Nassib indicated he would decline additional interviews and asked that reporters not take offense but rather afford him some privacy. The line spoke volumes to Wade Davis, a former NFL cornerback who came out publicly in 2012, nearly nine years after he retired.

“What I really appreciated about it was it felt like Carl was saying, ‘I’m an NFL football player who is gay,’ ” Davis told The Washington Post. “He was not saying, ‘I am a gay NFL player,’ which is a very different thing. And his note, ‘If you reach out for interviews and I don’t get back to you,’ also spoke to his level of comfortability in what he was doing.”

Davis said he believes Nassib’s announcement felt like a continuation of a broader discussion among professional athletes that extends to social justice, race, gender and sexual orientation. The conversations are connected, he says, but Nassib’s revelation is still a seminal moment.

“It is still somewhat novel to have a player, specifically a male in the big five sports, to come out,” said Davis, who was the NFL’s first LGBT inclusion consultant in 2012. “But for me, I think the level of sophistication that players will be able to talk about this will be the indicator about how far we’ve come. And not just players, but also coaches. ... All of us have a responsibility to be better to push the conversation in a more holistic way.”

The 6-foot-7 Nassib won the 2015 Lombardi Award, given to the nation’s best college lineman or linebacker, during his lone season as a starter at Penn State.

The Cleveland Browns selected him in the third round of the 2016 draft and, after two seasons in Cleveland, he was claimed by the Tampa Bay Buccaneers, with whom he played another two seasons and totaled 12.5 sacks. Nassib signed a three-year deal with the Raiders in March 2020 and last year started five of the 14 games he played.

While Nassib would become the first openly gay player to play in an NFL game, he is not the first high-level football player or active professional athlete to come out.

In 2013, Major League Soccer player Robbie Rogers revealed he is gay, and later that year NBA center Jason Collins did as well. Collins, a former first-round pick, became the first active player in one of the four major American professional sports to come out, doing so in a cover story for Sports Illustrated. Collins became a free agent months later and waited a full season before getting another contract, with the Brooklyn Nets. He retired in 2014.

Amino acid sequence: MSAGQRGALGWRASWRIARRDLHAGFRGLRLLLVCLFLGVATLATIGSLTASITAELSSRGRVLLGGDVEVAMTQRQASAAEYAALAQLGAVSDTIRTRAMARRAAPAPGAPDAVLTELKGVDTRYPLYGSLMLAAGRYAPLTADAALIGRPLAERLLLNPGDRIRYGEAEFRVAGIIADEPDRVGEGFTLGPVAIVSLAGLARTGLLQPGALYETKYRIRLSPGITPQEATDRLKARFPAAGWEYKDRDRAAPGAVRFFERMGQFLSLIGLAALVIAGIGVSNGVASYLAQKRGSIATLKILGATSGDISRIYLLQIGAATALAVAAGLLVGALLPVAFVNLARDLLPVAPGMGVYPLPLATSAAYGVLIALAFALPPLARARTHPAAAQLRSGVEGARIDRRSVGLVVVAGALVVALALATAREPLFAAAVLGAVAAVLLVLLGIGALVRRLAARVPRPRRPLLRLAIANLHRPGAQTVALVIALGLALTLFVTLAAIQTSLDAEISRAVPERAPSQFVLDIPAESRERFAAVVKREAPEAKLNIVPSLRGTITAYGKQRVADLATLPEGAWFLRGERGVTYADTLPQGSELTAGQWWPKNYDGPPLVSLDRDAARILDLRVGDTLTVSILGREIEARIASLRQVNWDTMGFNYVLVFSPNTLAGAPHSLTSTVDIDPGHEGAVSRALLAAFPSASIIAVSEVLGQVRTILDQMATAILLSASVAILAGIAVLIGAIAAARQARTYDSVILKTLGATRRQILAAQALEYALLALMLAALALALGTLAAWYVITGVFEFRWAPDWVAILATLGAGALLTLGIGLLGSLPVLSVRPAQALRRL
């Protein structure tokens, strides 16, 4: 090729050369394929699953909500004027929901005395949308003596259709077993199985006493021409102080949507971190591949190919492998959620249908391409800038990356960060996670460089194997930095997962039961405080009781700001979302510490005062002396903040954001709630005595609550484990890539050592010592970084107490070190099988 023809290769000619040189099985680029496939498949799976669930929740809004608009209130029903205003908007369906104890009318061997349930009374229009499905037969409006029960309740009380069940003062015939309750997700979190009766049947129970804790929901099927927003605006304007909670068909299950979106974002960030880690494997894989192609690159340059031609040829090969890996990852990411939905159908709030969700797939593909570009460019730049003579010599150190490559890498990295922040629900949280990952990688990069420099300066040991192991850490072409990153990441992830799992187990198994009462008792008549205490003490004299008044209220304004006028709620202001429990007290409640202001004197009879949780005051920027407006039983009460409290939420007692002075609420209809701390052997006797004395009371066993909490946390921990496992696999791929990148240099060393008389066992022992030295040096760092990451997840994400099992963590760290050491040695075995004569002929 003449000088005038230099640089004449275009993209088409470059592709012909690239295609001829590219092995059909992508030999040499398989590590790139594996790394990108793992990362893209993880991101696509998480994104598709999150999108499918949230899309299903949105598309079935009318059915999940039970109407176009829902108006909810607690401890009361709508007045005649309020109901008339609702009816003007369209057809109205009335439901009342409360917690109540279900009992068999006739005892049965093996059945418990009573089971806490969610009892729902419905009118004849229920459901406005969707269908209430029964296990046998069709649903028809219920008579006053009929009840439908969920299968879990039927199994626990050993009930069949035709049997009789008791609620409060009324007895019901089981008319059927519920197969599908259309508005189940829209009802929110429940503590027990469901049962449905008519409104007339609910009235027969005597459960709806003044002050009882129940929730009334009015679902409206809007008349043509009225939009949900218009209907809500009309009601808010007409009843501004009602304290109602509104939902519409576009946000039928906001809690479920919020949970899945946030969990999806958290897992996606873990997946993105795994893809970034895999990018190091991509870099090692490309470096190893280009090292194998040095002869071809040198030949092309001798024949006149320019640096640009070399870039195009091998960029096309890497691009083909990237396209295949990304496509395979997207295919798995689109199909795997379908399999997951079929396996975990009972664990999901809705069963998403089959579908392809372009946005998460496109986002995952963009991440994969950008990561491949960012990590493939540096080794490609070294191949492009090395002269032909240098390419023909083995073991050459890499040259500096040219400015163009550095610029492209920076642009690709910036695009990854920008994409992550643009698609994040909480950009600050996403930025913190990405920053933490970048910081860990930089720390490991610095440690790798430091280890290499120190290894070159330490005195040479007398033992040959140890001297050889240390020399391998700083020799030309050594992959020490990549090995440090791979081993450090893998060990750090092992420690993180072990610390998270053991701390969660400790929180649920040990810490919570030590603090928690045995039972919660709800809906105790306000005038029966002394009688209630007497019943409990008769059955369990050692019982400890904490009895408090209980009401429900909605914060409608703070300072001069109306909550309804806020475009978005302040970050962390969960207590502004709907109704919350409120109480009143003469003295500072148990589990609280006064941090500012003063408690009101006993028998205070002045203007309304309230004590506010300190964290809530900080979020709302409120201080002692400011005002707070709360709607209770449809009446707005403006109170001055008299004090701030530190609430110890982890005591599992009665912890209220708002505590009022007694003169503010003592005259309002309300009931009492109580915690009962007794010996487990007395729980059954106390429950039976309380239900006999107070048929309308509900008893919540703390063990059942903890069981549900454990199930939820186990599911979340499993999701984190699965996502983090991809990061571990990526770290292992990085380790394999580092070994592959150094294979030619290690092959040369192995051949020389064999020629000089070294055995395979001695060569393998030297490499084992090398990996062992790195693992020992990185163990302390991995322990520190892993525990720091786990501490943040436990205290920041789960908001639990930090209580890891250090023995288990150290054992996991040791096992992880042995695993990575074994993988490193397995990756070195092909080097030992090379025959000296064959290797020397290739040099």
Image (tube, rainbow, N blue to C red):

Also in 2014 — and shortly before he was drafted by the St. Louis Rams — Missouri defensive end Michael Sam publicly announced he is gay. Sam did not play an NFL snap — he was cut by the Rams before the start of his rookie season and was on the Dallas Cowboys’ practice squad for a month — but he became the first openly gay player in the Canadian Football League, with the Montreal Alouettes in 2015.

Sam announced in June of that year that he was stepping away from professional football for mental health reasons.

“Here’s the truth: Everyone owes Michael Sam such a bit of gratitude,” Davis said. “Michael Sam did something that very few people do. They gave up something, which is potentially his entire career in the NFL, for something greater. Very few of us are willing to do that, and it’s why I hope that people, when they tell the story of Carl — which, he deserves his own singular story — but when you think about the ‘Carl and’ story, Michael Sam’s name should be mentioned first.” your social media marketing partner